His palace was bigger than Buckingham Palace, being 650 feet long, 425 feet wide and 30 feet high. The main hall was 130 feet by 33 feet. For the house-warming feast, 69,574 guests were invited for a ten-day feast. The tyrant king fashioned this most powerful empire for himself and centuries of kings to come. Right here is the very seat where many officials and other kings must have stood with knees knocking.
The throne panel has two views of Ashurnasirpal, with a cherub on each side, with the tree of life in the centre, with the winged disk of Ashur, the god of Assyria (and their original ancestor - Gen 10:22) above, who the king is pointing to. Behind both images of the king are protective spirits who are anointing the king with incense from a bucket held in the hand.
Note the artist’s impression of Ashurnasirpal’s palace to the left. It shows that these friezes were minor decoration along the bottom of the 30-foot high walls, which bear records of victories and historical events.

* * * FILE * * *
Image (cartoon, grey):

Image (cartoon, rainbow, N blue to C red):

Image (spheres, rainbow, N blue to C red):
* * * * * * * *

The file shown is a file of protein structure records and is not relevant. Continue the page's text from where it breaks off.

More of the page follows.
The ambition of the empire was conquest of absolutely everybody, everywhere. The horror of their methods were unthinkable. Assyria financed its great empire by looting every other state and peoples and built its empire with tortured slaves taken prisoner.
Written in cunieform across many of the panels is the Standard inscription of Ashurnasirpal: "The palace of Ashurnasirpal, the priest of Ashur, favourite of Enlue of Inerta, beloved of Anu and Dagon, the weapon of the great gods, the mighty king, the king of the world, the king of Assyria ..., the valiant man who with the support of Ashur his lord, has no equal in the four regions of the world. The wonderful shepherd who is not afraid of battle. The Great Flood which no one can oppose. The king who has subjugated all mankind, the Mighty Warrior who treads on the neck of his enemies. The King whose word of his mouth destroys mountains and seas, who by his lord we attack, has made fearsome merciless kings. From the rising to the setting sun, all acknowledge one rule."
In Isaiah, God condemns the arrogant pride of Assyria, "The Lord … will punish the arrogant boasting of the king of Assyria and his haughty pride" (Is 10:12)